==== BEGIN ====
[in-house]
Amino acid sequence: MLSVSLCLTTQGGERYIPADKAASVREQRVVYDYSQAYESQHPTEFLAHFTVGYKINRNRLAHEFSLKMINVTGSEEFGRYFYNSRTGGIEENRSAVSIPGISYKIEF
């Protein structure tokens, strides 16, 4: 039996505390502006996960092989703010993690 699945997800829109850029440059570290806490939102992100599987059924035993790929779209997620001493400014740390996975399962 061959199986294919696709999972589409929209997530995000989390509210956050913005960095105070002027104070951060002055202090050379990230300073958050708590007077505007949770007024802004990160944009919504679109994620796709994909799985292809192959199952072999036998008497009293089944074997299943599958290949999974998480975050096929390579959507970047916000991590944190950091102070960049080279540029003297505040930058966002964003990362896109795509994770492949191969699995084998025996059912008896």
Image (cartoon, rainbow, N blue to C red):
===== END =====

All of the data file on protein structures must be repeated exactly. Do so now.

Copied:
[in-house]
Amino acid sequence: MLSVSLCLTTQGGERYIPADKAASVREQRVVYDYSQAYESQHPTEFLAHFTVGYKINRNRLAHEFSLKMINVTGSEEFGRYFYNSRTGGIEENRSAVSIPGISYKIEF
């Protein structure tokens, strides 16, 4: 039996505390502006996960092989703010993690 699945997800829109850029440059570290806490939102992100599987059924035993790929779209997620001493400014740390996975399962 061959199986294919696709999972589409929209997530995000989390509210956050913005960095105070002027104070951060002055202090050379990230300073958050708590007077505007949770007024802004990160944009919504679109994620796709994909799985292809192959199952072999036998008497009293089944074997299943599958290949999974998480975050096929390579959507970047916000991590944190950091102070960049080279540029003297505040930058966002964003990362896109795509994770492949191969699995084998025996059912008896």
Image (cartoon, rainbow, N blue to C red):